There were many beaming faces that afternoon, not only on the children, but also on the parents. (It is always hard to tell who is the prouder in a situation like that.) There was something almost magical in having your mother at school. Maybe because she reaffirmed your individuality in a sea of faces. Or maybe just because she was your mother and you had so few chances to show her off. The mothers beamed because we were their children and that was reason enough.
I knew most of the mothers of my friends from visits to our classroom, or birthday parties, or simply seeing them shopping. But nobody knew Herman’s mother or even thought of him as having one.
But then, right there in front of my eyes, came Herman Teague with—and there could not possibly be any mistake about it—his mother.
The pride in Herman’s thin, large-nosed face was the first thing I noticed and is probably why I cannot erase him from my mind. Herman never showed emotion in class. He simply showed up and “learned” every day, just like he was supposed to. It was shocking to realize that he was a boy just as proud of his mother as the rest of us were of ours, and he was showing it just as we did.
Then I looked at her. She was a little gray-haired lady not much taller than her son. All of the other mothers were somewhere around 30 years old. Herman’s mother was more like 50. She was plump and had an open face that I automatically associated with kindness and sincerity.
My revelation came when I looked at her clothes; but then I cannot really say I looked first at her age, then her face, then her clothes, because she was a total experience taken in at one gulping moment of learning. I have saved the clothes till last to bring this moment as forcefully to your mind as it came to mine on that day 20 years ago.
She had on a plain cotton print dress that buttoned down the front, the kind worn by every grandmother worth her salt. And over it she wore a black leather jacket—identical to Herman’s!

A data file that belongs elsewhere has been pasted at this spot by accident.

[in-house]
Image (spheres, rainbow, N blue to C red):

I stared, probably as every child of that age stares, with my eyes bugged out and my mouth wide open.
There they were, right before me for the whole hour’s program, none of which I can remember at all. And for one hour the thought rang through my mind and bounced off every surface in my brain lest I should somehow not have noticed or perhaps taken it too lightly: Herman Teague had a mother.
If she had worn a sweater, or a shawl, or even no wrap at all, the moment would have passed without any meaning to me whatsoever. It was the combination of mother and black leather jacket that made all the difference in my analyzing. The meaning and images of mother in my mind were too real to be denied. After all, only hoods and people like that wore those jackets, didn’t they? How could that plump old lady with that open, kind, sincere face—that mother—be a hood? Seeing her in that black leather jacket brought to mind a whole flood of reasons why Herman was different that I had never considered before.
I had such a mixture of emotions in those moments that it has taken me years to finish the sorting, analyzing, and filing that began on that day.
A seed of wisdom and understanding sprouted in an instant, and since that moment I have not only been reluctant to judge people, but I have not been able to look upon any of God’s children casually or indifferently. They, too, have mothers.